According to the Airport Facility Directory (AFD), Southwest, runway 5 is 7,214 feet in length. The field elevation is 5,140 feet mean sea level (msl).

A Federal Aviation Administration (FAA) coordinator responded to the accident site. The coordinator reported that the mixture control arm was set approximately 3 inches out from its full rich stop. The baggage contained in the airplane was minimal.

The pilot reported 30,075 hours total flight time, with 350 hours flight time in make/model, on his most recent insurance application.

A review of the pilot's most recent logbook indicated limited mountain flying experience. The logbook began on July 1, 2001. Over that time period, the pilot flew to three airports with elevations greater than 2,000 feet msl: El Paso, Texas (3,958 fee msl); Bozeman, Montana (4,471 feet msl); and the accident location of Elko (5,140 feet msl). The airplane was based in New Jersey and the pilot made regular trips to Carslbad, California. Per the routing in the logbook, his flight route would normally take him over the southern part of the United States.

The engine was shipped to the Teledyne Continental factory, Mobile, Alabama, for examination and test run. The testing began on October 28, 2004, with the National Transporation Safety Board investigator-in-charge (IIC), a Beech Raytheon representative, and a Teledyne Continental representative in attendance. The spark plugs were removed and examined. Their coloration was consistent with a lean operation when compared to a Champion Check-A-Plug chart.

To facilitate the test run, the following parts were removed from the engine: propeller governor; vacuum pump; alternator; and the starter (broken off during impact sequence). The following parts were replaced on the engine: left front mount leg; right rear mount leg; starter; and the inlet, return, and outlet fuel lines on the fuel control unit (thermally damaged). The ignition harness sustained thermal damage in the post-accident fire; however, the engine was test run using the original harness. The engine was placed in a test cell and test run. During the test run, the magnetos were checked with the engine producing 2,100 rpm. The left magneto had an rpm drop of 756; the right magneto had an rpm drop of 208. The engine produced 2,550 rpm during the test run. The standard operating rpm is 2,700 rpm. According to the manufacturer, the decrease of 150 rpm from standard operating rpm would not have precluded the engine from producing the power needed for takeoff.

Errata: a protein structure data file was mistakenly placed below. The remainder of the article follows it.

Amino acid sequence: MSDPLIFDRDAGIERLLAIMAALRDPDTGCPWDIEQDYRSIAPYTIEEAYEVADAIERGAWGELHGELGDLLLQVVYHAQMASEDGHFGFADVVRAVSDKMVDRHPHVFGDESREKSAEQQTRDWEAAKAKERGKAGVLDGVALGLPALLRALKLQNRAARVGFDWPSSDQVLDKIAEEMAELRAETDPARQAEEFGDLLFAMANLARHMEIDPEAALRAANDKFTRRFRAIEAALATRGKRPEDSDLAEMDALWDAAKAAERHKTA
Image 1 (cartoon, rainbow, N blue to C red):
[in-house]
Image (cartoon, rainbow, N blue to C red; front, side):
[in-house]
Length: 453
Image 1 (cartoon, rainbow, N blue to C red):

According to the Pilot's Handbook of Aeronautical Knowledge (AC 61-23C), operation with an excessively lean mixture, i.e., too little fuel in terms of the weight of air, will result in rough engine operation, detonation, overheating, and [or] loss of power.

A Safety Board meteorologist prepared a series of radar summary charts for the periods before and after the accident site. The charts indicated that a weather cells were present over portions of Arizona, New Mexico, and Texas.

NTSB Probable Cause

the pilot's improper mixture leaning technique and failure to attain an adequate airspeed during takeoff, which resulted in a stall/mush.